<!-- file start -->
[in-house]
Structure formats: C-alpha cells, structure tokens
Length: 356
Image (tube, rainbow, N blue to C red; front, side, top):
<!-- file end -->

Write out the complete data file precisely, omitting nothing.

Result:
[in-house]
Structure formats: C-alpha cells, structure tokens
Length: 356
Image (tube, rainbow, N blue to C red; front, side, top):